The investigation process at ICTY can also be thought of as an investigative cycle consisting of four different steps recurring continuously: decision on the direction of the investigation, collection of information, analysis of the collected information and dissemination of the findings in order to avoid doing things twice. In order to put the investigation into a bigger framework it is also important to provide a Leadership Analysis that attempts to explain to the court how a regime and its leadership generally functions and how it was connected to armed forces. This analysis takes into account among others the historical background of a country, the system of reporting at the time of the commission of the crime, law etc.

For the investigation in general there are two main sources of information: documents, such as newspapers, phonebooks, demographic records, insurance information, documents of command units etc. on the one hand and witnesses on the other hand. The latter can be victims of the crime, insider witnesses such as ex members of armed forces who have decided to cooperate with the judiciary or international witnesses such as UN-Peacekeepers, NGOs, journalists, etc. who were present. Dealing with witnesses can sometimes be very challenging, since not only a long time has passed by since the commitment of the crime, but they are often also some of the most traumatizing moments of the witness’s life which can lead to a very bad, selective and biased memory.[2] Furthermore when it comes to witnessing in court, people can get additionally stressed by the unknown environment and new experiences such as communicating via translators.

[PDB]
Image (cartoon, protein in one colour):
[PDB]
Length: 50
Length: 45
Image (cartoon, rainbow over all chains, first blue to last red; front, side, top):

All in all, the information provided on International Criminal Investigations is not only applicable to the ICTY, but also to other Criminal Tribunals such as in Rwanda or Lebanon. Although those cases are all unique, there are still common points to be made and similar difficulties such as choosing the period of time investigated to be faced.

[1] (https://www.icc-cpi.int/NR/rdonlyres/336923D8-A6AD-40EC-AD7B-45BF9DE73D56/0/ElementsOfCrimesEng.pdf; last access 5th August 2016

[2] For a detailed textbook on this: Combs, Nancy, 2010 “Fact-Finding without Facts: The Uncertain Evidentiary Foundations of International Criminal Convictions” New York, Cambridge University Press



For the 6th time in the 20th century on 24th March 1976 there was a military coup that installed a period of state terrorism in Argentina lasting until December 1983. Within this period the country was not only divided into military zones, but also centres of detention and torture were established. During the dictatorship practices such as enforced disappearances, murder, torture, children being taken away from their parents, born in captivity and their identity stolen, gender violence, political imprisonment, political proscription, exile and robbery became daily life.

In the aftermath of the dictatorship the dealing with past human rights violations was alternating between imperatives such as justice, impunity and the right to truth put into practice for example through trials such as the 1985 Junta Trial which was holding high military officials responsible for homicide, illegitimate arrest and torture. Also many places of past human rights violations and resistance to them such as ESMA (Ex Navy School of Mechanics) in Buenos Aires were turned into sites of memory.